In Kasimbahay, Alee Garibay shows how tracing the outlines of a friend’s face is its own kind of muscle memory, obtained through hours spent relating to one another. The title, which means to share a house (“magkasing-bahay”), describes how our most immediate relations teach us about life, coexistence, and growth.

“Portraiture is my first love as a painter,”[1] she wrote in an interview prior to this show. In these impressionistic accounts of the people who make and share her home, Garibay also attempts to convey the divine. Re-imagining the household as a church simultaneously becomes an attempt to reclaim the church not as a hall of worship, but as a transformative space where the banal becomes sacred and the spiritual is felt in the ground. Here, portraiture becomes not a tool for enabling narcissism, but a means to revisit the sainted and iconic.

“As I did the portraits,” shares Garibay, “I began to ponder at how the stories that we have come to know as ‘gospel’ are really about ordinary people who found—and made—meaning in their life through a direct and contemplative engagement of their life experiences.”

To Garibay, portraiture is not simply a series of moments, but a matter of being present in that moment – an attentiveness and patience that also links us to the past. The black and white tones of the works recall the daguerreotype – Louis Daguerre’s method of printing on silver plates, which became the first publicly available photo process. Referencing this age old technology, Garibay provides a sense of a legacy, lending gravity only available to images seen in memoriam. If a daguerreotype, at the time, conveyed awareness of what it meant to capture a moment, Garibay’s portraiture expresses how the hand can convey what has been made possible by keeping one’s heart open.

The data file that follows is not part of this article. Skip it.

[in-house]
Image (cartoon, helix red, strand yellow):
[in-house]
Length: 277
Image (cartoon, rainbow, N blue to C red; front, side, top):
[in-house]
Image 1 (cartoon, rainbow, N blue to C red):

The practices and methods distilled in Kasimbahay express not only a profound appreciation of Garibay’s intimate relations, but an awareness of her artistic practice: its embedded histories and the technologies it must coexist with in the age of digital reproducibility. Within the contradicting elements of portraiture, photography, and contemporaneity, Garibay composes an anachronistic narrative of radical love, reframing an ethics of hospitality—of acceptance and generosity—in an age of increasing distrust.


[1] Personal communication, 27 September 2018.

Written for Alee Garibay’s solo exhibition, Kasimbahay, which opened at Blanc Gallery in Quezon City on October 13, 2018.

 

Hunger Pains

Or Curating While Hungry

 
I just got back from Bangkok where we (meaning Mich and I) hung a quilt for Grrrl Gang Manila at the Bangrak Market. The quilt is half of Soft Bodies, which consists of two pieces, the other being Lesley-Anne Cao’s Thread (2016). 

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Bangrak Beauty, and installation view of Mich Dulce’s At Least I Won’t Regret Anything (2017)

I find myself struggling, more than usual, to get out of bed and back to work nowadays. While I’m lucky to find work in the cultural sector, I’m beginning to find it more and more difficult to convince myself that  no job is too small. On some days, it’s about continuing an old or ongoing project. On others it’s something fun, like hanging work in a market, in another city.